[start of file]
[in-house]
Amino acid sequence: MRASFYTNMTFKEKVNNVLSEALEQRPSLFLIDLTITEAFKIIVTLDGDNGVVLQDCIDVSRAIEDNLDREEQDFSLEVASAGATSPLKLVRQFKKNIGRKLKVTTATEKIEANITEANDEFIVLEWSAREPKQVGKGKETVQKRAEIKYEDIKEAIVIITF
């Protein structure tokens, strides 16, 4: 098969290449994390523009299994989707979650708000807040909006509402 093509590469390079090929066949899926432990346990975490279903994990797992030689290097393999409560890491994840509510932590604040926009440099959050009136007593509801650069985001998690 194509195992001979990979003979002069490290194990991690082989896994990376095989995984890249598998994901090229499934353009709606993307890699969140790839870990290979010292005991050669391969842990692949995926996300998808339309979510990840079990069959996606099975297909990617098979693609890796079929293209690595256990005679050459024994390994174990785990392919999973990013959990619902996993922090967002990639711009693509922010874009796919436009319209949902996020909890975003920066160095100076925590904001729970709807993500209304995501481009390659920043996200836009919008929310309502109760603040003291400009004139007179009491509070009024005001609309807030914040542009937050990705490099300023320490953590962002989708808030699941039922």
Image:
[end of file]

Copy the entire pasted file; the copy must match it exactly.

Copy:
[in-house]
Amino acid sequence: MRASFYTNMTFKEKVNNVLSEALEQRPSLFLIDLTITEAFKIIVTLDGDNGVVLQDCIDVSRAIEDNLDREEQDFSLEVASAGATSPLKLVRQFKKNIGRKLKVTTATEKIEANITEANDEFIVLEWSAREPKQVGKGKETVQKRAEIKYEDIKEAIVIITF
């Protein structure tokens, strides 16, 4: 098969290449994390523009299994989707979650708000807040909006509402 093509590469390079090929066949899926432990346990975490279903994990797992030689290097393999409560890491994840509510932590604040926009440099959050009136007593509801650069985001998690 194509195992001979990979003979002069490290194990991690082989896994990376095989995984890249598998994901090229499934353009709606993307890699969140790839870990290979010292005991050669391969842990692949995926996300998808339309979510990840079990069959996606099975297909990617098979693609890796079929293209690595256990005679050459024994390994174990785990392919999973990013959990619902996993922090967002990639711009693509922010874009796919436009319209949902996020909890975003920066160095100076925590904001729970709807993500209304995501481009390659920043996200836009919008929310309502109760603040003291400009004139007179009491509070009024005001609309807030914040542009937050990705490099300023320490953590962002989708808030699941039922």
Image: